International kungfu star Jet Li has been busy promoting his new martial arts movie Fearless since its premiere at Beijing's New Oriental Plaza last Friday. The movie is scheduled to hit screens today and he considers it his "most important martial arts picture."
Li himself describes it as a labor of love and hopes to convey one main message through the movie: live your life positively.
Fearless is a story about Chinese martial arts guru Huo Yuanjia (1869-1910), who founded the Jing Wu Men (Chin Woo) martial arts school in Shanghai. He practiced and taught "mi zong quan," also known as "my jhong," a Shaolin style kungfu based on deception.
To the Chinese, Huo is a national hero because he competed and won many judo and kungfu competitions. His victories were particularly important because they occurred at a time when China was under the heavy influence of foreign powers.
Li explained that the movie is less a story of Huo Yuanjia the man than it is an expression of his spiritual path.
Preparations for the movie started in 2003. It was also incidentally the time that Li discovered that 280,000 people in China commit suicide every year. He hopes the movie encourages those who have lost faith in life to be strong again.
As big a national hero as Huo might be, there are few written records of him or his life. Li admitted that much of the movie's plot is fiction, although settings and time periods are based on fact. "We just want to tell a convincing story in which Huo is portrayed as a human, not a god," Li said.
Li can relate to Huo's story because he, too, has been through his fair share of ups and downs, having worked hard to make his mark in Hollywood and Hong Kong.
"Huo's attitudes towards life, the world and martial arts depicted in the movie are similar to mine," Li said. "He died at the age of 42, and I am 42 now. I've tried to reflect the philosophies of people my age in the movie. And the main message that I hope to convey through the movie is: live your life positively," Li said.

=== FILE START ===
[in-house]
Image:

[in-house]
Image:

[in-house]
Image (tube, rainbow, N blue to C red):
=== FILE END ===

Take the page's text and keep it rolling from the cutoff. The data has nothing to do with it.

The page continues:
Fearless will be his last movie that has martial arts as its core subject matter. Li said he no longer wants to make movies in this genre because he has said all he has to about martial arts through movies. But he will continue doing action and kungfu movies because, to him, the three are of different genres.
"Action and martial arts stories only use the form of martial arts. Kungfu represents a concept of time. You spend time practicing it, and you learn new skills. Martial arts are an overall concept, which also includes nurturing the soul.
Shot in Shanghai, Fearless was directed by Ronny Yu Yan-Tai, a much sought-after Hong Kong director in Hollywood. Collin Chou, who gained Western popularity for his performance in The Matrix Reloaded, plays Huo's father. Sun Li, a rising Chinese starlet, plays Yue Ci, a fictional blind character who supports Huo when he is down.
Other members of the cast include Japanese actor Nakamura Shidou and mainland actor Dong Yong. The movie's stunt director is the respected Yuen Woo Ping, who has many of Hong Kong's great kungfu epics under his belt.
Unfortunately, fans won't see any of Li in the movie. For the sake of keeping the action-packed pace of the movie, the movie was cut from its original 143 minutes to just 103 minutes, leaving a fight scene with Li and a Thai fighter, and another with Malaysian former Bond Girl, Michelle Yeoh, on the cutting room floor.
Huo Yuanjia: Facts and Fiction
Foreign audiences might recall having seen Bruce Lee play Huo's apprentice in the 1972 production of Jing Wu Men
Huo hailed from the Tianjin countryside. He founded the Jing Wu Men Marital Arts School. He died on September 14, 1910 at the age of 42, just after he defeated 10 Japanese judokas. Rumor has it that Huo was poisoned in a conspiracy by the Japanese, a tale that was confirmed by Huo Zizheng, his great-grandson, in an interview with International Herald Leader on January 23.
The only piece of written documentation on Huo is Biography of Modern Heroes, a novel by Ping Jiang Bu Xiao Sheng written in 1923. Later stories, TV and movie scripts were all based on that novel.
The Chin Woo Athletic Association in Shanghai is the only proof of Huo's existence and story. The organization, which now covers many continents with branches in many parts of China, Malaysia, Hong Kong, England, Australia, the United States and Russia and organizes major kungfu and sports events, is nearly 100 years old. It remains faithful to the practice and instruction of my jhong boxing.
(China Daily, China.org.cn by Zhang Rui January 25, 2006)